Contegro’s fourth argument is clearly false in the case of WordPress and Drupal as both Automattic and Acquia have numerous employees that can commit fixes to the core of WordPress and Drupal respectively and Acquia makes a large portion of their revenue from custom Drupal installs.

      http://acquia.com/resources/casestudies is a counter point to contegro’s claims. There seems to be move afoot to migrate from custom in house CMSs running coldfusion to Drupal.

      Reply

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    Anders

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    Don’t forget of http://www.typo3.com – that’s very big for enterprise content management.

    Reply

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    Drew C

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    Solid post, nice work. I think that flowchart at the bottom can be improved though… its too simple, yet the rest of the article is written in a more technical way. But there are other CMS to cover (open source including.)

    Reply

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    Morkve

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    I’ve always used WordPress. Its so easy to use. And there is also wordpress.com if you dont want to manage your server.

    Reply

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    Miko

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    I found CMS eye very cool. Thanks!

    Reply

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      Zaki Usman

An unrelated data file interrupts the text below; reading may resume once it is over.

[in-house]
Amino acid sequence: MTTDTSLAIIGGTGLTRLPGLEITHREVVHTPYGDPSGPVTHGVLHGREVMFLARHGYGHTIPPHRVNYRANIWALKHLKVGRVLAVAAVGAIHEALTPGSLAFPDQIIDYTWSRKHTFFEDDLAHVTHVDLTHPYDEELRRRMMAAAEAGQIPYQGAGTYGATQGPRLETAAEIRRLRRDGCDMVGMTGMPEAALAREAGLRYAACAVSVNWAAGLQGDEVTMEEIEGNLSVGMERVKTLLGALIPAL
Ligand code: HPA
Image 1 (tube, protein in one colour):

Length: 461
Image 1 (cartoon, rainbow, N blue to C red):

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      Glad that you like it. We’ve halted development work on it for the time being. Maybe we’ll revisit in a few weeks when we’ve more bandwidth.

      Reply

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    Mack

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    Drupal is not that hard to setup and configure. It just requires a bit of learning curve. I have looked at Joomla and I find it more confusing than Drupal.

    Reply

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    Charlotte

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    I liked the CMS diagram. Its a bit too simple, but the idea is good. Maybe you can make it a bit more useful by putting in more variables and more CMS outcomes

    Reply

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    David Wong

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    Thanks for the simple and easy break down of the various content manager services. I have used WordPress the most.

    Reply

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    Sweet CMS

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    WordPress is by far the sweetest blogging platform. Love it! Used to be on Blogger before, but that isnt as optimized for SEO as WordPress is.

    Reply

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    Anthony Topper

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    I am surprised by the percentage of “Non-CMS” websites. I didn’t think it would be that high.

    Reply

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      Zaki Usman

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      Tony, you got a good point – but the latest stats on the top 3 CMS is roughly this:

      WP – 4.5 million sites